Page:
Leopards Roam Free Again At Majete Wildlife Reserve

 

Majete Wildlife Reserve has become the proud recipient of four leopards from South Africa. The four young leopards are the first to be introduced to Malawi across international borders and the first leopards to make their home in Majete for nearly two decades.

In a complex translocation project that took months to prepare, the first consignment of two young leopards were flown to Malawi on Friday 7th October 2011 on-board a private Beechcraft KingAir piloted by Dr Ivan Marx. Wildlife vet Dr. Heinrich Muller had to tranquilise both animals for the duration of the ten hour journey and keep a constant vigil due to the length of time involved.

The leopards, a male and a female between two and three years old, were captured in Kruger National Park and a private farm near Ohrigstad respectively. Both animals were in conflict with human activity and had been identified for removal. As only one viable population of leopard remains in Malawi (in Nyika National Park), African Parks identified South Africa as an appropriate source of leopards for the Majete restocking programme.

Great fanfare and excitement greeted the leopards' arrival at Chileka International Airport in Blantyre late on 7th October. After being transferred to purpose-built cages, watched by wildlife officials and park management, they were transported to Majete by road and finally offloaded at bomas on the reserve. Here Dr. Muller administered a reversal drug to revive them. By Saturday 8th October both leopards had made a full recovery and had settled down well into their bomas.

The two leopards were released onto the reserve at the end of October and have since been monitored by satellite tracking collars. They have established home ranges in the south and north eastern sectors of the reserve and have travelled extensively investigating their new homes. The male has reached the far western and southern boundaries and the female has ventured into the north, east and western sectors. Each leopard has been tracked on foot numerous times. The male was sighted once in the Nthumba River system in Pende whilst the female has not been physically seen, although tracking teams have got to within 40 metres of her several times. She is wonderfully adept at camouflage and can evade detection at very close quarters; an indication that she is healthy and able to move unimpeded.

 

The second consignment of leopards from South Africa arrived at Nchalo airstrip in a Cessna Grand Caravan on December 21st, this time in special holding cages which negated the need for them to be fully tranquilised. The accompanying vet, Dr. Andre Uys, monitored both animals throughout their journey. They were transferred into the bomas without incident and settled into their new environment within 48 hours. The male, from Ohrigstad in Mpumulanga, is between 3 and 4 years old, and the female, from Thaba Ingwe Nature Reserve in Thabazimbi, is between 2 and 3 years old.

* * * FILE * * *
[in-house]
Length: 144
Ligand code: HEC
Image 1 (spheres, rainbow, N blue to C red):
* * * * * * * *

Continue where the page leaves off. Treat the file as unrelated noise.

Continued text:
Both leopards were released along the Mkulumadzi River in the north of the reserve - the male on January 12th 2012 and the female on January 13th. Dr. Uys darted the animals in the bomas and inspected their condition which was observed to be excellent. They were then fitted with collars containing satellite tracking and VHF radio transmitters so they could be tracked remotely and on foot. The male was named “Bou” and the female named “Lady Anna”. Two days after the release of “Lady Anna”, Majete Field Operations Manager Doran Tilbury and Andre Uys tracked her on foot and came across her at close quarters hunting bushbuck. Lady Anna and Bou continue to stay in the northern sector of the reserve along the Mkulumadzi River.

African Parks Majete would like to thank all those who contributed to this milestone translocation, with particular mention to the following people and organisations.

 

·      Liberty Wildlife Trust, which contributed $95 000 for Majete’s predator-proof fencing.

·      Africom, which donated €25 000 toward the cost of the translocation.

·      Dr Ivan Marx, who donated the aircraft, fuel and his time to fly the first two leopards to Malawi.

·      Dr. Andre Uys who donated his time to the second translocation.

·      Moholoholo Rehabilitation Centre, which housed the leopards in South Africa.

·      Flitecare Air Charters who moved the second pair of leopards at a discounted cost.

·      Adessium Foundation who contributed to the translocation as part of their institutional support for African Parks.

·      The Dutch Postcode Lottery, which provides funding for the African Parks portfolio.

 

Majete Wildlife Reserve has been a conservation success story since African Parks assumed management in 2003, with over 2 550 head of wildlife, including elephant, buffalo, sable and black rhino, introduced to the park over eight years. The introduction of leopard is the penultimate step in the Majete restocking programme, which will culminate in the reintroduction of lion in 2012.